Thursday, 23 September 2021

Make more time for prayer, it's not email

EMAIL is a bit of a sore point with me at the moment, having just got back from a two-week holiday punctuated by long email chains demanding instant responses.

However, it has made me think about the similarity of email and prayer.

An email is egocentric. It demands instant response like a child tugging at its mother’s skirts. Anyone who has ever served on a committee, or a parochial church council, will recognise this.

Committee members blanch when a meeting time that has been set by email unleashes a long string of replies, copied to all, confirming attendance or not.

Similarly, when something is discussed by email, nine or 10 people might respond with comments which are responded to and then these are in turn responded to again. This is all soul-destroying and ultimately counter-productive.

When we pray, are we just dashing off a quick email?

Email is, or can be, good and a useful tool for sending out information quickly. An email is like an arrow prayer — a quick request for help or information.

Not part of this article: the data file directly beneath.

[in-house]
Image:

I do wonder if God feels that his inbox gets clogged with chains of emails.

Single pleas for help or guidance are a different thing, part of our prayer life that is easy to digest and answer.

However, we have all prayed with our long shopping lists of needs and concerns.

These quick prayers don’t take the place of a proper conversation with God: this takes time.

The joy of a live conversation is that you make a point, the other person reacts and then you follow on with the next point in the light of the other person’s reaction.

In the same way, in a prayer conversation with God there is contemplation and there are certainly requests but there are silences when we listen, opening our minds to God.

We shouldn’t let email take the place of proper conversations and we shouldn’t let our prayer life dwindle into a series of sound bites, likes emails demanding instant response.

Prayer should be like a conversation and involve listening and reflecting on what we learn. This takes time and dedication.

However, it is far more fulfilling and uplifting, like the pleasure of having a face-to-face conversation with an old friend. And that is always more pleasurable than a groaning inbox.

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